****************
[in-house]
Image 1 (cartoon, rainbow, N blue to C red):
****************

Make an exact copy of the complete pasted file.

[in-house]
Image 1 (cartoon, rainbow, N blue to C red):